By Jerri Stroud, BBB Editor
Data breaches at local and national companies have put identity theft on the front burner for many consumers. Some consumers may feel helpless to protect themselves, especially when a retailer experiences a security breach.
Better Business Bureau reminds consumers that there are things they can do to reduce the threat of ID theft. And it doesn’t have to mean giving up on the use of credit or debit cards.
Some of the most pervasive forms of identity theft involve financial information obtained from consumers’ homes, their own insecure computers or careless use of credit or debit cards in public places.
It’s a mistake to leave bank statements, credit card statements or other sensitive documents laying around in plain sight in your home or at work. Visitors to your home, including friends and family or those who work for you, may be tempted to take such papers and use them to commit fraud.
Documents should be kept in a secure place, preferably under lock and key. And older documents should be destroyed safely.
BBB is sponsoring a ‘shred day’ on Sat., April 26, from 8 a.m. to noon in two locations:
- The southeast parking lot of Saint Louis Galleria, near the intersection of Brentwood Boulevard and Interstate 64.
- In the Schnucks parking lot in Edwardsville, Ill., 2222 Troy Road.
Consumers can bring up to three bags or boxes of documents to be shredded free. Shred-it, a Securit company, is donating the shredding and will have several trucks on hand. We recommend that you use bags or boxes that you don’t need back as we can’t guarantee the return of your containers.
In addition to shredding outdated or unneeded documents, the BBB has 10 steps you can take to protect your identity:
- Shred statements and applications you get in the mail that you don’t want to keep. These include credit card applications, insurance forms, financial statements, health forms, billing statements from utilities and phone service.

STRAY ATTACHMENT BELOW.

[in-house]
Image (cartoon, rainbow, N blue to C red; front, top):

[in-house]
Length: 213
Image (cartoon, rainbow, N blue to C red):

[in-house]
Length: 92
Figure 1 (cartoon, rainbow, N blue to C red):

- Cut up expired credit and debit cards. Make sure you cut through the numbers.
- Protect your Social Security number, all account numbers and passwords. Don’t carry these numbers in your wallet. Give out personal identifiers only when absolutely necessary. Beware of unsolicited e-mails and phone calls if someone asks for the numbers.
- Secure personal documents at home. If you have roommates, employ outside help or have contractors in your home, make sure personal documents are in a safe place and not lying out in plain sight.
- Minimize personal information printed on checks. You don’t need to include your Social Security number, driver’s license or phone number.
- Monitor bank and credit card transactions for unauthorized transactions. Crooks may start with small transactions to see if you notice.
- Pay attention to billing cycles. If bills don’t arrive on time, follow up with your creditors.
- Don’t create obvious passwords. Avoid using your birth date, child’s name or birth date, mother’s maiden name or the last four digits of your Social Security number.
- If you conduct business online, use your own computer. A public computer is less secure.
- Never use email to communicate sensitive personal information. Don’t respond to emails asking to verify your personal information and identifiers. Neither your bank, credit card company, online payment system nor the IRS will call or email asking you for confidential information. They already have it.